Legal advice articles
With a farming heritage spanning 170 years, Rural Hub Business Supporter Wright Hassall in Leamington Spa is one of the long-established agricultural law firms. Their agricultural solicitors advise farmers, landowners, farming businesses and farming-related organisations on all their legal matters. The Wright Hassall Head of Agriculture, Alexandra Robinson, is a Director of the Rural Hub.
Solicitors from Rural Hub Business Supporter, Shakespeare Martineau, can offer support on all aspects of agricultural and family law. Their team also includes litigation specialists ensuring that when a dispute arises, over such things as boundaries, farming family issues or land, they have the skills and experience to ensure you are properly protected and we keep the bigger picture in mind. Shakespeare Martineau is ranked in Band 1 in the Chambers UK Guide 2022 for agriculture and rural affairs.
Visit this page for regular legal articles covering different aspects of working in agriculture.
Levelling up rural Britain: new planning proposals
By Rebecca Mushing, an Associate at Wright Hassall
For those of you hoping that the government’s much vaunted levelling up policy will reach non-urban areas, you’ll be delighted to hear that Defra has launched its latest policy paper ‘Unleashing Rural Opportunity’ containing, among other suggestions, five key planning proposals designed to help” grow the rural economy. At first reading (and second) it all sounds a bit vague – a proposal ‘to consult’; a commitment to ‘explore’; and a promise ‘to consider’. Of the five proposals, only one (to provide £2.5m funding for a network of ‘rural housing’ enablers to help boost the supply of rural housing) appears – sort of – definite. There is a degree of déjà vu here – various bodies including the CLA and CPRE have been agitating for a housing and employment policies that reflect the actual requirements of the rural population rather than those ‘designed for urban areas and not rural circumstances.’ [Responses to the 2016 Rural Planning Review]. Defra’s proposals are to:
- Consult on making it easier to convert redundant agricultural buildings to residential.
- Consult on wider changes to permitted development to support farm diversification.
- Introduce a new network of rural housing enablers (to act as ‘honest brokers’ between developers and local authorities, backed by £2.5m funding).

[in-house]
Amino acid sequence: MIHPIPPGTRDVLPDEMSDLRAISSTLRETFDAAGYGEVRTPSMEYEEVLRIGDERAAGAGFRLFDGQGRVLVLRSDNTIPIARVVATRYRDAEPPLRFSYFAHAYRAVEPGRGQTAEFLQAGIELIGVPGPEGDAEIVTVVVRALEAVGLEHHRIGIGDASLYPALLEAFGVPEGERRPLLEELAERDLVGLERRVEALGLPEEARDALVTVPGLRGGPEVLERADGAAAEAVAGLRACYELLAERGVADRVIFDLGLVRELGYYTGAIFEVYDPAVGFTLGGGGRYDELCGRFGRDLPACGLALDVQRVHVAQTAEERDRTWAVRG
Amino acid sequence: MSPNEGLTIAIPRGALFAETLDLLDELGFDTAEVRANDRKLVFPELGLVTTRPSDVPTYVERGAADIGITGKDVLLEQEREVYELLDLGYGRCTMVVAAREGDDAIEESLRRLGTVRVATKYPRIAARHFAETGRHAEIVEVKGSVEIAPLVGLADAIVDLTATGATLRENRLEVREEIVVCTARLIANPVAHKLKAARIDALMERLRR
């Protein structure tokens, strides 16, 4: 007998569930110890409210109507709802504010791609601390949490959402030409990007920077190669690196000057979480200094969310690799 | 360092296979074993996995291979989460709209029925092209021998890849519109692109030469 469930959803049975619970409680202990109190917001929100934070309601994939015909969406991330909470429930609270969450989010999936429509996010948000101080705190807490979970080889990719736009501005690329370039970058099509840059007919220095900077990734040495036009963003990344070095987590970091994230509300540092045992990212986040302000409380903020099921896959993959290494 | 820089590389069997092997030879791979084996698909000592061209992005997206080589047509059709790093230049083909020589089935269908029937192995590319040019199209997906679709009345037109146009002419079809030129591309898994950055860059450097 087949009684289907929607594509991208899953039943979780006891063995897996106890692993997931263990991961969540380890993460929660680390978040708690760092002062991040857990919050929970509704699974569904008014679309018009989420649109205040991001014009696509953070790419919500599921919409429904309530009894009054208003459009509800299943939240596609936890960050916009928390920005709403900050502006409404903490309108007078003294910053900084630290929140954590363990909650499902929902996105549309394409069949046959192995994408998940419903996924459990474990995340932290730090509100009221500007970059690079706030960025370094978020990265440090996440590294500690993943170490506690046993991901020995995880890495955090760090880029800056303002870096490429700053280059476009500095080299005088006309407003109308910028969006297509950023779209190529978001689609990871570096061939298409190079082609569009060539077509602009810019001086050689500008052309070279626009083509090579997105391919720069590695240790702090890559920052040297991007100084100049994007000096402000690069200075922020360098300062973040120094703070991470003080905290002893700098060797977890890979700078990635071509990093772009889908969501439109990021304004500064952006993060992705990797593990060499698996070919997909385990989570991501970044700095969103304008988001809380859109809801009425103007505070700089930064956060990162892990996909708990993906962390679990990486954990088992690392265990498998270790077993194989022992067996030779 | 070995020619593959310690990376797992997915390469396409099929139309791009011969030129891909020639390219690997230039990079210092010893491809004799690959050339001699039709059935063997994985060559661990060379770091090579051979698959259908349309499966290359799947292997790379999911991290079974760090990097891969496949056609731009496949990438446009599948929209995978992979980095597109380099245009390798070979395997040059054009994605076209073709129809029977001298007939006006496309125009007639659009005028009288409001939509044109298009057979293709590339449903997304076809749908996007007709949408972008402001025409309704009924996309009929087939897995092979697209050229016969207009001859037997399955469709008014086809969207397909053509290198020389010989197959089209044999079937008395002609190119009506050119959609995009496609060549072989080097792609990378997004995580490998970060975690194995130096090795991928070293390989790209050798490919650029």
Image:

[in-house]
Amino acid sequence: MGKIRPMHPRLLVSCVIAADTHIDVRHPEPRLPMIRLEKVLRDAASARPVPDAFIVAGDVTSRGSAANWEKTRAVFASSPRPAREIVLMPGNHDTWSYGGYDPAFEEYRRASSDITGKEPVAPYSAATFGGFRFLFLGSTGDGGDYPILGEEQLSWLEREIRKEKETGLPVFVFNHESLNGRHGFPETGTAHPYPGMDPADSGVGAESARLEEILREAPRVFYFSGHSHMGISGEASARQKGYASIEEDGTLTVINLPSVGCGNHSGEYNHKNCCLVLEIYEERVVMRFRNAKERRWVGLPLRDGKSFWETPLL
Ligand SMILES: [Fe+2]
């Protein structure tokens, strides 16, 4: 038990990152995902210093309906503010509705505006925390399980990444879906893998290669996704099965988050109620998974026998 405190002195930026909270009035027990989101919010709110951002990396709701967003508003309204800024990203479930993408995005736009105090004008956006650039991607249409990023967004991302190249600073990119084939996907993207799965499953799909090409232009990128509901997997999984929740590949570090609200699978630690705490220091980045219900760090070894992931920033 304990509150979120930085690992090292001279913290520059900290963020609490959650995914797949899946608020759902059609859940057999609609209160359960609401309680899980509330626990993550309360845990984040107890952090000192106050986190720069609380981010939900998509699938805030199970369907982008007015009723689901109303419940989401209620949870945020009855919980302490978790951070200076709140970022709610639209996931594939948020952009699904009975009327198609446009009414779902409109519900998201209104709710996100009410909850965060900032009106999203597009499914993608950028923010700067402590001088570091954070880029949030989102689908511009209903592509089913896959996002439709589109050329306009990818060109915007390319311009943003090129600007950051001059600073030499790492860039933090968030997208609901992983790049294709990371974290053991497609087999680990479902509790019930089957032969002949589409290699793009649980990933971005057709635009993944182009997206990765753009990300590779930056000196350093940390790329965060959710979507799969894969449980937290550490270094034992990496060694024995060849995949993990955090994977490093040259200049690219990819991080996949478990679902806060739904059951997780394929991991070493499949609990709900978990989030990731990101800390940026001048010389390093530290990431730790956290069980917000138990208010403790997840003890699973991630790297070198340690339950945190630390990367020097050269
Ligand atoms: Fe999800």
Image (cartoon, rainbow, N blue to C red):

- Explore additional measures to unlock more small-scale rural housing.
- Consider if local planning authorities need more rural-specific training.
The general view of interested parties such as the CLA, NFU and CPRE is that we’ve already been here – the government already has plenty of evidence about what rural communities really need in order to boost economic productivity. One such need is for Local Planning Authorities to change the way they apply planning regulations, as outlined very clearly by two reports commissioned by the All Party Parliamentary Group for Rural Business and the Rural Powerhouse. Both reports provide valuable background into the reality of rural life, outlining the disconnect between what is actually needed in terms of housing and employment development and how the National Planning Policy Framework (NPPF) is applied, and both are worth reading in the context of Defra’s proposed changes. Farm diversification, another important element of rural economic development, is also in danger of being curtailed by what the CLA describes as a desire by a vocal, influential minority to preserve rural areas in ‘aspic’ and also, and as importantly, by the tax system which needs to be addressed as a matter of some urgency ( although the government is currently consulting on this). In reality, the government shouldn’t need additional policy papers and commitments to consult – the work has already been done and the evidence is clear. Defra’s latest proposals will simply add more delay and dither.
To read this article in full, please visit the Wright Hassall website.
Biodiversity Net Gain – new income stream for farmers
By Rebecca Mushing, an Associate at Wright Hassall
We now have more detail on how landowners and farmers can profit from legislation coming into force in November 2023 that requires developers to improve the biodiversity of most new developments (there are some exemptions) by a minimum of 10%. Although developers are being encouraged to find biodiversity net gain improvements onsite, many will have to look beyond, potentially giving farmers the opportunity to profit directly by making marginal or less productive land pay through the sale of biodiversity units (BUs) as well as being able to register suitable habitats on Natural England’s Biodiversity Gain Site Register.
However, as with any new initiative, there are challenges. Agreements must be for a minimum of 30 years and be legally binding either via a planning obligation (s.106) or a conservation covenant in return for payment from the developer. These agreements will also be binding on successors in title. There are tax considerations too, currently the subject of a government consultation which is seeking views on how – and if – APR (and / or BPR) should apply to land not in agricultural production.
Despite the potential risks, particularly tax and the length of time these agreements must last, the current level of development is not showing any signs of slowing so BNG should represent a significant income stream that few farmers will be able to ignore. To read the full article, please visit our website.
Have you had some agricultural land allocated under a local authority plan?
Planning involves making decisions about the future of our cities, towns and countryside. This is vital to balance our desire to develop the areas where we live and work with ensuring the surrounding environment isn’t negatively affected for everyone. It includes considering the sustainable needs of future communities.
Local planning authorities must prepare a local plan which sets planning policies in a local authority area. These are very important when deciding planning applications. But what if some of your agricultural land has been allocated under your local authority plan? Listen to the 26 minute podcast below from Shakespeare Martineau for advice on the next steps available to you.